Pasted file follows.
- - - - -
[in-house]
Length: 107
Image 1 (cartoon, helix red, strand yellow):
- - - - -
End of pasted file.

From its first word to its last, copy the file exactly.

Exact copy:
[in-house]
Length: 107
Image 1 (cartoon, helix red, strand yellow):